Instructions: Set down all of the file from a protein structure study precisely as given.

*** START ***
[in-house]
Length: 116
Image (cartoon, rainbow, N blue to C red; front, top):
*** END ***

[in-house]
Length: 116
Image (cartoon, rainbow, N blue to C red; front, top):